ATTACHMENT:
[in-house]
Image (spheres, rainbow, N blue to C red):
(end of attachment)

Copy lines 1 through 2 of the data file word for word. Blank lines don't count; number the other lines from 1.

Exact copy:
[in-house]
Image (spheres, rainbow, N blue to C red):